All of the answers are wonderful, and all point me to the wilderness instead of the path, but this one is the most helpful. The "conservation of mass" analogy is simple, it relates well to my existing intuition, and it suggests interesting questions. –  Dan Brumleve May 27 '11 at 7:54
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Dan Brumleve , it is true that calling mass energy a new conservation law was found, but, and it is a big but, masses used to be additive, the conservation of total energy law becomes a non linear function of rest mass and momentum. We needed a new mathematical point of view, not a mass producing source. So in some frameworks of GR something might be defined that would include energy, but it would be a new functional form, not energy any longer,and not a source of "free energy" to balance the lack of conservation. –  anna v May 27 '11 at 10:40
    
I guess you are referring to KE = m c^2 gamma and that seems to refute my statement that it's just a linear combination. And it's not quite as simple as en.wikipedia.org/wiki/Grue_and_bleen because time itself is in question! Plenty to think about here. –  Dan Brumleve May 28 '11 at 5:14
    
Dear @Anna, Noether's theorem is a theorem, i.e. it is tautologically true, so it is surely not sufficient for the validity of any other statement - except for other tautologies - but it is a necessary condition for the validity of anything because if theorems and tautologies fail, everyone is screwed. ;-) You probably meant that a symmetry is not necessary for the existence of a conserved quantity. But in theories obeying mild assumptions of Noether's theorem, the symmetry is both necessary and sufficient. That's what can be established by those Noether techniques. –  Luboš Motl May 28 '11 at 8:01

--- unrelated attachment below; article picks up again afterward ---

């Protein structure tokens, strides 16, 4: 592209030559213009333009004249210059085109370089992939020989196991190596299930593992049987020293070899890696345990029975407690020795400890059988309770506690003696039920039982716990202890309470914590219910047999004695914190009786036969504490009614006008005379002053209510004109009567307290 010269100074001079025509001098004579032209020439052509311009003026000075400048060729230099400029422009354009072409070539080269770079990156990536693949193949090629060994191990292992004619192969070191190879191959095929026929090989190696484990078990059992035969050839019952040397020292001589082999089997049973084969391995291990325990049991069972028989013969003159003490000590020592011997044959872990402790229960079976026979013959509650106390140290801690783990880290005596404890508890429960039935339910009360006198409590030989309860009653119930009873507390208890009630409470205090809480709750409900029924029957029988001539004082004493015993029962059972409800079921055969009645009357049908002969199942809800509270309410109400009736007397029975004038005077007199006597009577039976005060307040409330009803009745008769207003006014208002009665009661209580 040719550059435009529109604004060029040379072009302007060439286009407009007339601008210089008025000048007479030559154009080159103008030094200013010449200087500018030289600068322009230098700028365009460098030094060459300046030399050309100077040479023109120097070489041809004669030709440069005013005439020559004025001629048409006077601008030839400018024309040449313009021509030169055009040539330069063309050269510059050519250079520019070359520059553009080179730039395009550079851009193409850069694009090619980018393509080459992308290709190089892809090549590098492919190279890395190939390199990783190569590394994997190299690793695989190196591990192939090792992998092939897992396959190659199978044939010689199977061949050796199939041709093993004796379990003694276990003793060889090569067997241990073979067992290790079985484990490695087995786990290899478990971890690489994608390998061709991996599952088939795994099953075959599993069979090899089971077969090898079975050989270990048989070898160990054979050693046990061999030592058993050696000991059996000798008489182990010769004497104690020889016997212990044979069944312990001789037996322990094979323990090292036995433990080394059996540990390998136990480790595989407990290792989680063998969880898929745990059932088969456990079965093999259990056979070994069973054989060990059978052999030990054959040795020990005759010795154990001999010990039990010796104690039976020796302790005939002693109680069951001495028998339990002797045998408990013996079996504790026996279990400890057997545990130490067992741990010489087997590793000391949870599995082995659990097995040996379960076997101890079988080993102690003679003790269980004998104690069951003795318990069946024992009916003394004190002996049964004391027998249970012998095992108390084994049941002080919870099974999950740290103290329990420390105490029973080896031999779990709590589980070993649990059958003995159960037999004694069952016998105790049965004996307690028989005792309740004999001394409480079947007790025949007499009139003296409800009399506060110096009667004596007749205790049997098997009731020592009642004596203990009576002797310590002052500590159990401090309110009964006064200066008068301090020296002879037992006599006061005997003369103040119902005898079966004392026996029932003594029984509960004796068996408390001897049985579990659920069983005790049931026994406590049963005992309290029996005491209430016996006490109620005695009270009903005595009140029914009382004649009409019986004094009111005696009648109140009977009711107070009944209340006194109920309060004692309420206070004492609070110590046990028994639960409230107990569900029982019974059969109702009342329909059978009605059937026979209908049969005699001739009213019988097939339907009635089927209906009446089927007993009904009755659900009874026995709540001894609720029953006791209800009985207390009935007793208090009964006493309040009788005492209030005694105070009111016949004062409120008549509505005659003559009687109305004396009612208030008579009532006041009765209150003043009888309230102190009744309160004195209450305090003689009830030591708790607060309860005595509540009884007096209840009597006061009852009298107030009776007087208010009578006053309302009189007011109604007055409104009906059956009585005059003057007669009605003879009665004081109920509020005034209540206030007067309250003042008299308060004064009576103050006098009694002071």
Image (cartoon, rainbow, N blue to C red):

Yes, we can imagine a universe without energy conservation. Just imagine that there's a dewar that's completely isolated from everything else, and there's an ideal gas inside. The gas suddenly gets hotter without any chemical change. Or imagine that all the electrons in the universe are gaining mass. Or imagine that there's an Energizer Bunny that never, ever stops.

More simply, imagine a universe with two states - one high energy and one low energy. If it ever changes states, then energy is not conserved.

These situations really do violate energy conservation. They would not be explained by bringing in some previously-unknown source of energy unless that source had some other, verifiable physical meaning.

Comparing a hypothetical perpetual motion machine to the neutrino is specious. The neutrino, a single particle, explained conservation of momentum, energy, and angular momentum in the reactions where it was involved - not energy alone. Still, people were indeed skeptical about neutrinos until they were directly detected. So the science behind neutrinos is not similar to a magical energy repository that exists simply to feed a perpetual motion machine.